In the final days of Advent, the Church recites the Great O Antiphons at Vespers each evening. In this blog extracted from Praying the Great O Antiphons, Katy Carl reflects on the first of these O Antiphons: O Sapientia or O Wisdom.
Wisdom of the Most High, ordering all things with strength and gentleness, come and teach us the way of truth.
O Wisdom, you come forth from the mouth of the Most High. You fill the universe and hold all things together in a strong yet gentle manner. O come teach us the way of truth.
Reflection on O Sapientia
The central image of the story of Christmas is the image of Mary holding the newborn Christ under the star in Bethlehem. We do not tend to think of a newborn as inspiring terror and awe. Yet many parents report the experience of total wonder at the birth of a child as nothing less than cataclysmic. This experience can bring a complete reconstruction of our way of seeing the world, a radical rearrangement of priorities. In this way it is not unlike our experience of turning towards God and beginning to centre our lives on him rather than on ourselves. In a world not particularly welcoming to new life, both experiences can seem like an illustration of the way in which “the wisdom of this world is folly with God” (1 Cor 3:19). Still, even many nonbelievers recognise the necessity, for a happy life, of living for a purpose beyond our own pleasure and satisfaction.
We see ourselves correctly when we see ourselves as essentially small in proportion to the rest of the world: not insignificant, not worthless, but not the centre of all things, either. Many people have this experience for the first time when facing a monumental task that both offers great joy and demands full attention: a life’s work. This perspective characterises the voice of Mary’s Magnificat, in which she looks at herself and at the work of God in relation to one another. Although her role is undeniably, overwhelmingly great, the highest given to any human ever born, she sees herself as essentially small – not bad, not meaningless, but small – in relation to the broader story in which she is participating. This is what our tradition means by humility; it is also the beginning of what our tradition means by wisdom.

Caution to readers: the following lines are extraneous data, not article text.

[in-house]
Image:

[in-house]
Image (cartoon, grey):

This perspective is also the genius of St Thérèse of Lisieux’s “little way,” which allows us to see our human business and human preoccupations as at once deeply important to ourselves and to God – as important as the details of a child’s life to a good parent – and at the same time pallid in significance beside the grand scheme of the cosmos. A perspective like this allows us, in the popular phrase, to “pray as though it all depends on God and work as though it all depends on us,” while also holding our lives with a light touch, ready to let go of what God wants us to surrender when it is no longer ours to hold.
To see ourselves this way, in right perspective and right relation with the rest of creation, also places us into relation with the wisdom of God who made us as we are. In the Catholic tradition, created wisdom is personified in the Book of Proverbs. Chapter 8 enters into the point of view of this person as it speaks in a voice attributed to Wisdom (8:24-26, 29-31):
When there were no depths I was brought forth,
when there were no springs abounding with water.
Before the mountains had been shaped,
before the hills, I was brought forth,
before he had made the earth with its fields,
or the first of the dust of the world…
When he marked out the foundations of the earth,
then I was beside him, like a master workman,
and I was daily his delight,
rejoicing in his inhabited world
and delighting in the children of man.
Who is the speaker here? The verse has been taken in different contexts to refer to Christ, the “master workman” “without whom was made nothing that was made” (cf. John 1), but many saints have associated the speaker’s voice here with Mary’s voice, as well. This speaks to the close co- operation of Jesus and Mary in the work of the Incarnation. It supports the thought that Mary was present in the divine plan for salvation from its inception. God chose to ask the consent of a woman to give him his humanity, in a unique meeting of the natural and supernatural orders, rather than to arrange this creation for himself in some other way, as he certainly could have done.
That created wisdom is personified in the Psalms and thus in the Catholic tradition as female tends to strengthen this interpretation. God is pure spirit, existing beyond gender: although in a way it is proper to speak of him as masculine, this is only an analogy. In himself, God contains and creates and provides all the perfections of every human person without exception, male and female, as all are made in his image (cf. Gen 1:27). And while God the Son undoubtedly came to earth as a human male, in his identity as Divine Wisdom he transcends his human nature without destroying or denying it. He already contains in himself the source of all the graces given to Mary to empower her to become the mother of the Word Incarnate. Both Mary and Christ are, in different senses, the model for all who desire to give themselves fully to God.